Solar flair

Team Orange County’s zero-net energy home called "most innovative" design in Department of Energy’s Solar Decathlon 2015

Team Orange County, the hometown entry led by University of California, Irvine with Chapman University, Irvine Valley College and Saddleback College, scored big in the prestigious engineering contest at the U.S. Dept. of Energy Solar Decathlon 2015. Jurors praised their net zero energy Casa del Sol home as “the most innovative in the entire competition.”

Judges cited a “dazzling display” of technologies, including a first-ever bi-directional inverter that converts the sun’s rays into direct current to power an electric car, a paraffin lined clothes dryer and other energy-saving features. Team OC scored just one point less in the engineering contest than Stevens Institute of Technology, which won the overall decathlon for their disaster-response themed solar home.

The win on the last day of a grueling two-year competition was met with jubilant cheers and fist pumps. The 100-plus students, faculty and sponsors who worked on Casa del Sol saw some of their unique devices break down during the contest, including a crack in the inverter; the judges’ praise vindicated their boundary-stretching designs and hard work.

“We really pushed the envelope in big ways,” said project engineer Moritz Limpinsel, a UCI graduate student studying chemical and materials physics. “We wanted to show that these new technologies can replace business as usual. It feels great. I’m glad the jury acknowledged our unique designs.”

“Whoooooo! Yahooooo!!” shouted UCI electrical engineering student Euiso Kim behind him. Limpinsel laughed: “Euiso’s right; that says it much better.”

Gregory Washington, dean of the Samueli School of Engineering, and fellow faculty from the four schools beamed.

“These students now believe they have the ability, the know-how, the tenacity, the perseverance to change the world,” Washington said. “And they will literally try to do it.”

“This is what great universities do, they provide opportunities for their students to show just how brilliant and creative and hard-working they are,” said Chapman University political science professor Fred Smoller. “They built a great house and I’m very proud of them.”

Read below for more on Team Orange County and Casa del Sol:

The August forecast calls for triple-digit heat in Irvine, Calif. – for the next week and the next century.

Alex McDonald, 31, a graduate student in engineering at the University of California, Irvine, is unfazed. He gazes at the thick walls of a home taking shape in a corner of the Irvine Valley College campus. “Our house is fully sustainable and comfortable,” he says. “It’s modeled after the California poppy, which opens and closes to the sun. And water is a big concern here in California, so it’s also drought-resistant.”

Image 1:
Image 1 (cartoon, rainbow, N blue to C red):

Team Orange celebratingMahdi Jorat, 19, of Saddleback College agrees. “We’re the first generation to fully live with global warming, as this weather shows, and we’re building a house that does something about it,” he says.

“We’re the first generation to fully live with global warming … and we’re building a house that does something about it.” – Mahdi Jorat, 19, UCI engineering major

Over the past two years, they and about 100 other students and faculty from UCI, IVC, Chapman University and Saddleback College have designed an energy-efficient, drought-tolerant, affordable home of the future. Now construction is underway.

Casa del Sol is Orange County’s first-ever entry in this month’s U.S. Department of Energy Solar Decathlon, which challenges college students worldwide to build and live in a zero-net-energy home. That means it must produce and store more electricity than it needs.

For power, the UCI-led team looks to the blazing sun rather than polluting coal. But they leap far beyond standard solar panels, employing innovative residential direct current instead of typical AC/DC, which “leaks” voltage at a high rate; solar thermal radiant cooling in the ceilings; a paraffin-lined dryer that holds heat for multiple loads; and other big energy- and water-saving features.

student on site workingThe competition process is mind-boggling: Team Orange County had to not only draw sophisticated plans capable of passing tough state codes but also raise about $1 million in donated time, parts and cash. After the concept home is built at IVC, the students must test the plumbing and power to make sure they work, then rip it all down, get it to the Orange County Great Park and rebuild it in a matter of days. There, from Oct. 8 to 18, judges and the public – more than 65,000 at the last decathlon – will get to see them live in and explain their vision.